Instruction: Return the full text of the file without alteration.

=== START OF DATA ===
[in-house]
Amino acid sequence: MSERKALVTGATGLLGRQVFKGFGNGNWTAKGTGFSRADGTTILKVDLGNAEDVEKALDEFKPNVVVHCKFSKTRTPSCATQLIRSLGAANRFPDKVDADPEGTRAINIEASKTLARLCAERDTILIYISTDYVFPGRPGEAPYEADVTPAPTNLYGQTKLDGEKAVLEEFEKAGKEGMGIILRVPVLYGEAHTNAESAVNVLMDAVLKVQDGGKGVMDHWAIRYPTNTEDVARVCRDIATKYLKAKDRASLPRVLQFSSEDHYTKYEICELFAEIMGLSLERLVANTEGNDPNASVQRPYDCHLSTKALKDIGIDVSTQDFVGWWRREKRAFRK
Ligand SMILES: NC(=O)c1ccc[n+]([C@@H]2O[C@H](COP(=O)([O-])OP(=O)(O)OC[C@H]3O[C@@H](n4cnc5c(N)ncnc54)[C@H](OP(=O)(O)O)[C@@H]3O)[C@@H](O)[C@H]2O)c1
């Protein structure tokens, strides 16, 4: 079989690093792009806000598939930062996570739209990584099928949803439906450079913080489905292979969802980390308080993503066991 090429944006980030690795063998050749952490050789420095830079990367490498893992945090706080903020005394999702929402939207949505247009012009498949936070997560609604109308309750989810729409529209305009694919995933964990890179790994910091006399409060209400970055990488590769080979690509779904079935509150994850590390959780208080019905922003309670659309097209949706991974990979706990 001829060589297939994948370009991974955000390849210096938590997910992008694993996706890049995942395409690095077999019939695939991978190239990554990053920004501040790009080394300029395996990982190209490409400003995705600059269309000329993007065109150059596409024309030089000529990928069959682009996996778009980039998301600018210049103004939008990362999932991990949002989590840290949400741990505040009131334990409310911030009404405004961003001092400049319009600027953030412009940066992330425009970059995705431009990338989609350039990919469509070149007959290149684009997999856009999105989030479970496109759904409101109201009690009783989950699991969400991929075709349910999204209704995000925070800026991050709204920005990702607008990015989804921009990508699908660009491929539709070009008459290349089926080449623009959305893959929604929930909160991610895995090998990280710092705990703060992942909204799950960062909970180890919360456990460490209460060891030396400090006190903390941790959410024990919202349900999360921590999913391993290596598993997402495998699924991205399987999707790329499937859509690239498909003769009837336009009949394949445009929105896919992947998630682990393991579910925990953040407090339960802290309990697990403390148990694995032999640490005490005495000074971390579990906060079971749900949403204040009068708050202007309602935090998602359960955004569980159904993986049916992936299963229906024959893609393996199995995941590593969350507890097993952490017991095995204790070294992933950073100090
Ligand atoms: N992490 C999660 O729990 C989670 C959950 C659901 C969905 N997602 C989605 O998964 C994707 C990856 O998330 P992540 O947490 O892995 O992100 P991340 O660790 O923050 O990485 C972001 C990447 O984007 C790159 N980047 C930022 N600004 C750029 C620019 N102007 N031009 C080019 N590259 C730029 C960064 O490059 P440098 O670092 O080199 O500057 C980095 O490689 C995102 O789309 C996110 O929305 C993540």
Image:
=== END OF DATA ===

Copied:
[in-house]
Amino acid sequence: MSERKALVTGATGLLGRQVFKGFGNGNWTAKGTGFSRADGTTILKVDLGNAEDVEKALDEFKPNVVVHCKFSKTRTPSCATQLIRSLGAANRFPDKVDADPEGTRAINIEASKTLARLCAERDTILIYISTDYVFPGRPGEAPYEADVTPAPTNLYGQTKLDGEKAVLEEFEKAGKEGMGIILRVPVLYGEAHTNAESAVNVLMDAVLKVQDGGKGVMDHWAIRYPTNTEDVARVCRDIATKYLKAKDRASLPRVLQFSSEDHYTKYEICELFAEIMGLSLERLVANTEGNDPNASVQRPYDCHLSTKALKDIGIDVSTQDFVGWWRREKRAFRK
Ligand SMILES: NC(=O)c1ccc[n+]([C@@H]2O[C@H](COP(=O)([O-])OP(=O)(O)OC[C@H]3O[C@@H](n4cnc5c(N)ncnc54)[C@H](OP(=O)(O)O)[C@@H]3O)[C@@H](O)[C@H]2O)c1
């Protein structure tokens, strides 16, 4: 079989690093792009806000598939930062996570739209990584099928949803439906450079913080489905292979969802980390308080993503066991 090429944006980030690795063998050749952490050789420095830079990367490498893992945090706080903020005394999702929402939207949505247009012009498949936070997560609604109308309750989810729409529209305009694919995933964990890179790994910091006399409060209400970055990488590769080979690509779904079935509150994850590390959780208080019905922003309670659309097209949706991974990979706990 001829060589297939994948370009991974955000390849210096938590997910992008694993996706890049995942395409690095077999019939695939991978190239990554990053920004501040790009080394300029395996990982190209490409400003995705600059269309000329993007065109150059596409024309030089000529990928069959682009996996778009980039998301600018210049103004939008990362999932991990949002989590840290949400741990505040009131334990409310911030009404405004961003001092400049319009600027953030412009940066992330425009970059995705431009990338989609350039990919469509070149007959290149684009997999856009999105989030479970496109759904409101109201009690009783989950699991969400991929075709349910999204209704995000925070800026991050709204920005990702607008990015989804921009990508699908660009491929539709070009008459290349089926080449623009959305893959929604929930909160991610895995090998990280710092705990703060992942909204799950960062909970180890919360456990460490209460060891030396400090006190903390941790959410024990919202349900999360921590999913391993290596598993997402495998699924991205399987999707790329499937859509690239498909003769009837336009009949394949445009929105896919992947998630682990393991579910925990953040407090339960802290309990697990403390148990694995032999640490005490005495000074971390579990906060079971749900949403204040009068708050202007309602935090998602359960955004569980159904993986049916992936299963229906024959893609393996199995995941590593969350507890097993952490017991095995204790070294992933950073100090
Ligand atoms: N992490 C999660 O729990 C989670 C959950 C659901 C969905 N997602 C989605 O998964 C994707 C990856 O998330 P992540 O947490 O892995 O992100 P991340 O660790 O923050 O990485 C972001 C990447 O984007 C790159 N980047 C930022 N600004 C750029 C620019 N102007 N031009 C080019 N590259 C730029 C960064 O490059 P440098 O670092 O080199 O500057 C980095 O490689 C995102 O789309 C996110 O929305 C993540």
Image: